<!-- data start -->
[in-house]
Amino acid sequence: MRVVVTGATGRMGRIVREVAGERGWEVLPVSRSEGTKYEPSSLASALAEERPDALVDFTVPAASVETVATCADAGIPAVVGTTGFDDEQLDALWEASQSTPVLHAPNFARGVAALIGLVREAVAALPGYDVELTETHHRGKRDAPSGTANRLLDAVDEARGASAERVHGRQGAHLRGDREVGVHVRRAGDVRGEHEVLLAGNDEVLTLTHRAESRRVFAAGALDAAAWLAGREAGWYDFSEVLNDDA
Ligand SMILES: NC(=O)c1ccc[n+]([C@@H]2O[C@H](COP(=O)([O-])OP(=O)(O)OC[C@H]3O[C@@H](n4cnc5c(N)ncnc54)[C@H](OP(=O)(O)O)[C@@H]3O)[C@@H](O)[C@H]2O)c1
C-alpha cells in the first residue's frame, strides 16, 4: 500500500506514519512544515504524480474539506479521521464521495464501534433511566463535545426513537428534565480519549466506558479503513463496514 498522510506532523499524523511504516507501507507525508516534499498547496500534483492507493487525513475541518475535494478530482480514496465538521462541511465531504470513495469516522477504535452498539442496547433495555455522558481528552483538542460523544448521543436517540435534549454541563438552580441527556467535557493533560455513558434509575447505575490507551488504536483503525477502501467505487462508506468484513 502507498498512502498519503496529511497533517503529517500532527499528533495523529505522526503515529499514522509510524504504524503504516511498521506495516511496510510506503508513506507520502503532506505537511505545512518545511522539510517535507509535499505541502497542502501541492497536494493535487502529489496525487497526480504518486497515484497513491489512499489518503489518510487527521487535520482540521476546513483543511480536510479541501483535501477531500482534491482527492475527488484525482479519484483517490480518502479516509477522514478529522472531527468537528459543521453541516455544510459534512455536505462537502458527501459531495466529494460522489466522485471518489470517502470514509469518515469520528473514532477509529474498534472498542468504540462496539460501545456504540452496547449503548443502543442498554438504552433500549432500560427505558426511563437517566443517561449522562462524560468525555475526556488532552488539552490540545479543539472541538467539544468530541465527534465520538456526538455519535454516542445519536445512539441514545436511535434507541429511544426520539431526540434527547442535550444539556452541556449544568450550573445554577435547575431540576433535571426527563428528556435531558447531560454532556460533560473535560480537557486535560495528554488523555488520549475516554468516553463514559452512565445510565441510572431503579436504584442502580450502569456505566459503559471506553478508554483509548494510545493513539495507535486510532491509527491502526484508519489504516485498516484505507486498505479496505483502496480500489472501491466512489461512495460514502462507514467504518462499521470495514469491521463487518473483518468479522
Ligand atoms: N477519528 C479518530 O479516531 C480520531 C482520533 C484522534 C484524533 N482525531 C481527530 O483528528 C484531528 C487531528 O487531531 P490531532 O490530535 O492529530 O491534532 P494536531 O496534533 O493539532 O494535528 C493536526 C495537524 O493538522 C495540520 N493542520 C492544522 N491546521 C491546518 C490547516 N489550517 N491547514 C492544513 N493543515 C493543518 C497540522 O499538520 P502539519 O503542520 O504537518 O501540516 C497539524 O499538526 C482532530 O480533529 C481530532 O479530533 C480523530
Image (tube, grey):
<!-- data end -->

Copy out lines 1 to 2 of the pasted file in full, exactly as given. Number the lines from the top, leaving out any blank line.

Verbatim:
[in-house]
Amino acid sequence: MRVVVTGATGRMGRIVREVAGERGWEVLPVSRSEGTKYEPSSLASALAEERPDALVDFTVPAASVETVATCADAGIPAVVGTTGFDDEQLDALWEASQSTPVLHAPNFARGVAALIGLVREAVAALPGYDVELTETHHRGKRDAPSGTANRLLDAVDEARGASAERVHGRQGAHLRGDREVGVHVRRAGDVRGEHEVLLAGNDEVLTLTHRAESRRVFAAGALDAAAWLAGREAGWYDFSEVLNDDA